A runner shares life lessons in a debut memoir that combines inspirational text, a tour guide, and a career survey.
The prologue of this book features a fraught phone call between Schneider and his elderly mother, who’s in decline due to Alzheimer’s disease and terminal cancer; this gives way to the author’s childhood memories of Bowling Green, Ohio. Long-distance running, a grueling activity that engages body, mind, and spirit, initially provided the author with stress relief; he relied on it during exams, as he faced uncertainty about his educational options, and had troubles in his first marriage. The book’s prominent themes include dedication, pacing, stamina, self-awareness, and the humility that comes with occasional stumbles. Most chapters begin with the date and location of a particular marathon, Schneider’s running time, and a relevant quotation. He employs marathons as structural devices, allowing him to explore his relationships, with a focus on his relationship with his supportive second wife, Elaine. After they received terrible news, he writes, “we were in such a daze that I couldn’t even taste the pepperoni” in their pizza. Schneider thus succeeds at underscoring critical moments through plainspoken language, as in a touching anecdote about his father, who marveled at a marathon’s 26.2-mile distance: “That’s longer than the drive between Bowling Green and Toledo.” In another vignette, the author’s college-age stepson Rik got up early on a Sunday morning to hand the author Gatorade during one marathon. Other race locations included California, New York, and Ontario, although most occurred in Ohio and Michigan. The route descriptions offer evocative passages: “For me, that Big Ten Run was about learning how to love a place for the first time, and nothing can quite match that feeling.” The epilogue finds the author taking a chilly December run in Greenville, South Carolina, where he nicely ties together the book’s narrative strands; he cleverly inverts the chronology here so that the events of the epilogue precede the prologue’s, suggesting that he will need all the lessons he learned in order to face an unknown future.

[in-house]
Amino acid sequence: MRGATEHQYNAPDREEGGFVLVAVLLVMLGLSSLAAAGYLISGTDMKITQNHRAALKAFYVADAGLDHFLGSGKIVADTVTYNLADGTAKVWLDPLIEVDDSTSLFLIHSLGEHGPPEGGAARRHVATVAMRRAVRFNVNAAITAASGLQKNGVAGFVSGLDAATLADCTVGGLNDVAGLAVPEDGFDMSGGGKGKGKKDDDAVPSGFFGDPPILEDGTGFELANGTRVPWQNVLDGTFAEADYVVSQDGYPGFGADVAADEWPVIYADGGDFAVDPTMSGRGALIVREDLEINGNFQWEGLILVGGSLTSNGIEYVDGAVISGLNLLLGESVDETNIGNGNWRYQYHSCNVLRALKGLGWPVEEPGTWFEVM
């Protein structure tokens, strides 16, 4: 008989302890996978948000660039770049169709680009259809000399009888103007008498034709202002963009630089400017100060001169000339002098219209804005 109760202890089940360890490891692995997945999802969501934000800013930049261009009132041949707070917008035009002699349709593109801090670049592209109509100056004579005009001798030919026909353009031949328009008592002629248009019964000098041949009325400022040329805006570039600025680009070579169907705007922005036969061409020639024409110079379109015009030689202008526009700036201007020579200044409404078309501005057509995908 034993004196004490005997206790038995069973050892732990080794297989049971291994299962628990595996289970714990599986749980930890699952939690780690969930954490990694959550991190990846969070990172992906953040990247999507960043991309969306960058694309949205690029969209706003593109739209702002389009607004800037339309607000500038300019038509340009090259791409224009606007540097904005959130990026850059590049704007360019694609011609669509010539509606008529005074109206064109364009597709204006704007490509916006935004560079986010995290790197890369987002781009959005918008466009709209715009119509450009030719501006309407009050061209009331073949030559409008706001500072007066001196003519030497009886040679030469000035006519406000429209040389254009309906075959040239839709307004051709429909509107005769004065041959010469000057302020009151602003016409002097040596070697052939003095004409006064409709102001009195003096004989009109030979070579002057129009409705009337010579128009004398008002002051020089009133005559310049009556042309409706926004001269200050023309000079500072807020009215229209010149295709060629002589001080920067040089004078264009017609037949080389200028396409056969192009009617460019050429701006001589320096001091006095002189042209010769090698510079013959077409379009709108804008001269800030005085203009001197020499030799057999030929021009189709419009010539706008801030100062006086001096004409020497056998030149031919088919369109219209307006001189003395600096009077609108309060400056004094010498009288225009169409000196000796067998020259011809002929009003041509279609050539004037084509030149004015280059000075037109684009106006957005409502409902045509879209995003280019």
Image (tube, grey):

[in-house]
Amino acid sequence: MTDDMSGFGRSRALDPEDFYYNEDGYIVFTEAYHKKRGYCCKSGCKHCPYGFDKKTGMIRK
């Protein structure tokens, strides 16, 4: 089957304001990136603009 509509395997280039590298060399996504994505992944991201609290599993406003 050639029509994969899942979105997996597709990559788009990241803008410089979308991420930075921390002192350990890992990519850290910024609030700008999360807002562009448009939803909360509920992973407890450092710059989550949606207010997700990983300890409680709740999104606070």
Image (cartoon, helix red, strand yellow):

Ideal for runners but accessible to all readers seeking wisdom and inspiration.